That column will also explain why I did not post while in D.C.

In my absence, the two big news items were the canonization Sunday of seven new saints and – in a totally different direction! – plans by the Vatican real estate rental office to rent space in a Vatican-owned building within meters of St. Peter’s Square to McDonald’s restaurant. You cannot imagine the furor, especially comments by a number of cardinals who live in the building on whose ground floor McDonald’s is planned. (Full disclosure: I am totally on their side and will get into that when I look at this story in length: In the meantime, here’s a great piece by the Register’s Edward Pentin: https://www.ncregister.com/blog/edward-pentin/mcdonalds-dispute-highlights-sensitivities-over-use-of-vatican-real-estate

By the by, there is no link intended between the McDonald story and the title I gave to the story about the papal audience catechesis!

THE FIRST CORPORAL WORK OF MERCY: FEED THE HUNGRY

Continuing his new series of weekly audience catecheses on mercy that focus on the corporal and spiritual works of mercy, Pope Francis said at this morning’s audience, “in our catechesis for this Holy Year of Mercy, we have reflected on God’s mercy and our own responsibility, as followers of Jesus, to be ‘merciful like the Father’,” quoting the motto of this Jubilee Year. (photo news.va)

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The Holy Father then noted that, “among the corporal works of mercy, the first is that of feeding the hungry,” underscoring that, “access to food and water is a basic human right, yet so many members of our human family, especially children, continue to suffer from hunger and thirst. While grateful for the generosity and solidarity shown in the case of many tragic situations worldwide, we must never forget that this work of mercy calls us to respond personally to concrete situations of need in our own lives.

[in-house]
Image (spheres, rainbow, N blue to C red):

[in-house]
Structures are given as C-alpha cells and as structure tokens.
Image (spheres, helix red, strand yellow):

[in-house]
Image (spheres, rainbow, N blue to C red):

“Saint James,” said Francis, “warns against ignoring the practical needs of our brothers and sisters, for faith without works is dead. In the miracle of the loaves and fishes, Jesus tells his disciples to provide food for the crowds, yet he shows them that, in sharing what they have, he will give it increase. Jesus himself is the bread of life, and he makes it clear that our relationship with the Father depends on the way we respond to the hunger and thirst of our brothers and sisters.

The Pope indicated that, to feed the hungry, we might donate time and/or money to charity but he said the real challenge to help the needy comes when we are asked to personally face poverty in the flesh. He said, ““poverty in the abstract doesn’t challenge us, it makes us think, lament, but when you see poverty in the flesh of a man, woman or child, yes, this challenges us.”

“To see our brothers and sisters in this state,” he said, questions “the attitude we have to run away, the attitude of running away from the needy and not drawing near to them.”

Expanding on St. James’ words “faith without works is dead,” he said when faith is dead, it is “incapable of doing works, of charity.” Francis observed that, “one of the consequences of so-called ‘well-being’ is to lead people to withdraw into themselves, making them insensitive to the needs of others.”

However, he explained, this way of thinking and acting makes us live as if our lives were “a fad to follow and change with every season.” Rather, we must deal with reality up close and personal and “meet urgent situations.”